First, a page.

A Wall Street Journal staffer just forwarded us managing editor Marcus Brauchli’s letter to the office, after reports emerged last night that he was resigning. Most notable are the sections where he talks about his devotion to the paper (he’s been with Dow Jones since 1984) and explains, “but now that the ownership transition has taken place, I have come to believe the new owners should have a managing editor of their choosing.” Though he is quick to assure the staff that “the new management scrupulously has avoided imposing any political or business viewpoints on our coverage,” that doesn’t much sound like Murdoch and company are being hands-off. Will there be an uproar in the newsroom? We’ll keep you posted.
To the Staff:
A year ago, I was appointed managing editor, and we set off together on a great journey. We faced uncertainty about our ownership, inclement conditions in our industry and consensus that change was necessary. And so we chose a path of transformation.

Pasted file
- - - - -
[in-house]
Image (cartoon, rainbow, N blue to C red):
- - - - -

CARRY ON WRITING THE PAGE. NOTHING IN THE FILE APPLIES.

We rethought the central tenets of our approach, with the aim of making a great news organization even better.
During this time of transition, we have not strayed from our mission, producing engaging journalism that illuminates and informs our world.
Our reporters, whether in Lhasa or Los Angeles, Washington or Wall Street, are courageous, resourceful and infinitely talented. Our editing, graphics and production staff, too, are brilliant, creative and deeply dedicated.
I am proud to have been part of this exceptionally talented team.
But now that the ownership transition has taken place, I have come to believe the new owners should have a managing editor of their choosing.
So, today, I am resigning.
I revere this institution and respect all of my colleagues, both old and new. When News Corp bought Dow Jones, together we crafted an editorial agreement designed to protect our independence. The agreement was designed to block commercial or political interference in our journalism and to ensure we adhered to our code of conduct.
Since the acquisition last December, the new management scrupulously has avoided imposing any political or business viewpoints on our coverage and rigorously has enforced the code of conduct. I am confident that our journalistic integrity remains intact and that News Corp. is committed to a Journal that is vibrant, vital and preeminent in American journalism.